Now some fresh pickings from the Political Grapevine:
Seems Like Old Times
On this Earth Day 2008, a new Gallup Poll finds that only about one-third of Americans say they worry a great deal about global warming — roughly the same percentage as in a similar poll 19 years ago.
In May of 1989, 35 percent of respondents expressed serious concern about global warming. The current figure is 37 percent.
The numbers are similar when asked whether immediate, drastic action is necessary: 35 percent said yes in April of 1995; 34 percent said yes last month.
And global warming is nowhere near the top of the environmental problems people worry a great deal about. No. 1 is drinking water pollution, followed by several other water concerns. The loss of natural habitat for wildlife, air pollution, rain forests and the ozone layer all top global warming, which comes in tied for ninth.
Chill in the Air
Of course a major focus of Earth Day is global warming. But it turns out about 40 people at an Earth Day celebration Sunday in Edmonton, Canada, had to cram themselves into a single tent after a blizzard forced them to abandon their outside locations.
The organizer of the event says, "Obviously we'll have fewer people than we would have liked, but to cancel an Earth Day event because of weather would kind of be the antithesis of what this is all about."
Said one of the vendors, "We're here to raise the awareness of the problem, even though on a day like today you don't necessarily think of global warming."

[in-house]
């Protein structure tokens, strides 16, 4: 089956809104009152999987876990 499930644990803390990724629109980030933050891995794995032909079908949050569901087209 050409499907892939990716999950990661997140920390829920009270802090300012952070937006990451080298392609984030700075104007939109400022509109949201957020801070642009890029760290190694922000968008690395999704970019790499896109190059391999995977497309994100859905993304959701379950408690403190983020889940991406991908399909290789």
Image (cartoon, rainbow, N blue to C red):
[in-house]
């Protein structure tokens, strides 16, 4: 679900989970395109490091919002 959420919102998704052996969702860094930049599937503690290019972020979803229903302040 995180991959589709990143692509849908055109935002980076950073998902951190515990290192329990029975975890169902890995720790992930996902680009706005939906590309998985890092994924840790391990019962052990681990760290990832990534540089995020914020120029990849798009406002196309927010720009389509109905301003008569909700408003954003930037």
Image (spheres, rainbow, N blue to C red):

There is new evidence of misleading information in Al Gore's Oscar-winning global warming film "An Inconvenient Truth."
ABC News reports one of the most famous shots in the movie — of Antarctic ice shelves — is a fake. The film's visual effects supervisor says the film took the shot from the fictional movie "The Day After Tomorrow," which created it from Styrofoam and scanned it into a computer.
"Yeah, that's our shot," she says. "That's a fully computer-generated shot. There's nothing real in there."
ABC wanted to ask Gore whether it was wrong for a documentary to use a fabricated shot to make a point, but says he did not return their calls.
President Bush Tuesday appears at a fundraiser for the Republican candidate for U.S. Senate in Louisiana — John Kennedy. But Republicans were not always fans of Kennedy. In fact, the National Republican Senatorial Campaign Committee had some pretty unfriendly things to say about him.
Its report from 2004 says, "Kennedy's ineffective political career demonstrates he is not ready for primetime. Kennedy has bad ideas, shot-down suggestions, ill thought-out proposals and Al Gore-like political ambitions."
Now, Republicans have plenty of nice things to say about Kennedy. The current chairman of the same group that slammed him four years ago says, "John Kennedy has spent his career taking on the issues that matter most to Louisianans and fighting hard for their causes."
So what changed? Simple: Kennedy was a Democrat when he ran for the Senate in 2004. He switched parties last August.
— FOX News Channel's Martin Hill contributed to this report.